Tap Into the Power of "Color Consolidation" for Your Christmas Light Display
Strength lies in numbers. Power derives from strength. These two truisms can help you elevate your Christmas light display from the ordinary to the exceptional.
Unfortunately, it's a concept that too few Christmas Enthusiasts utilize in designing their light displays.
The Common and the Ordinary
We've noticed a trend as of late. It seems that the go-to color scheme that many Christmas Enthusiasts utilize is simply a jumble of multicolored Christmas lights.
Look at the displays going up in your neighborhood right now, and you'll likely notice what we've noticed. You'll see that most Christmas light displays utilize lots of mixed-color light sets, where each string of lights contains a cacophony of different colors. These same multicolored light strings are often used in decorating all the features of a property: the home, trees and foliage, walkways and driveways, etc.
The temptation to do so is understandable. After all, Christmas is the most colorful holidays. So the more colors in each string of lights, the merrier. Right?
The Power of Color Consolidation
We aren't advising you not to use lots of different colors in designing your Christmas lighting display. Instead, we're suggesting that you consider an alternative method of using all those different colors: color consolidation. Color consolidation taps into the "strength lie in numbers, power derives from strength" philosophy.
Here's how it works:
As you design your Christmas light display for this year, consider utilizing solid blocks of color instead of strings of multicolored lights. Use the solid blocks of color to distinguish individual features - a tree, for example, or an eave line, or a driveway outline.
You'll still use multicolored lights in your Christmas display, of course. But the colors will be concentrated rather than scattered and random. Each light line will be of a single color, and each element of your decoration will focus on a specific color.
So perhaps this tree will be all red, while that tree will be all purple. The roof eave will be all green; the walkway bordering will be all white. And so on.
These concentrations of color benefit from the powerful visual impact generated by grouping together many individual bulbs of the same color. The result is a very distinctive look.
And yet you'll retain the wonderful variation of color that has become associated with Christmas. But the visual impact of each color will be strengthened rather than diluted.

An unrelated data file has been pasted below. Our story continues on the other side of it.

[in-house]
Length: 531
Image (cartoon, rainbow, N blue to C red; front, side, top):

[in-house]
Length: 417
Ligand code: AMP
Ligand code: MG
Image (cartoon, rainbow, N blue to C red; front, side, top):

The Power of LED Color Consolidation
You can further intensify the power of color consolidation by going all-LED with your Christmas light display. That's because the colors provided by LED bulbs are bolder and more intense than the colors generated by old-fashioned incandescent bulbs.
The reason for this difference is simple: LEDs produce true color; incandescents don't.
At the root, all incandescent bulbs are the same color: the bright white light created by electricity coursing through the bulb filament. The different colors of incandescents are created by simply dyeing that white light of the filament glow by masking it with a colored bulb.
But LEDs create their color in a very different manner. Each diode within each LED bulb produces the true color of the bulb. If the bulb is a red bulb, for example, the bulb's diodes produce light on the red wavelength of the color spectrum.
Compare two bulbs of the same color - one LED, and one incandescent - and you'll see that the difference in color purity and intensity can really be quite dramatic.
Imagine that intensity and color purity multiplied by the thousands of bulbs on a Christmas display. It makes a difference.
A Way to Stand Apart…
It's a simple matter of fact that many Christmas displays look quite alike these days. Cookie-cutter.
That doesn't mean that those cookie-cutter displays are bad. But they just don't stand out much. They don't offer much originality or individuality. If you've seen one of those displays, you've pretty much seen them all.
If you want to break from the pack with your Christmas display, consider tapping into the power of color consolidation. It's a great way to stand apart from the crowd with your Christmas decorations.
And isn't that really the goal?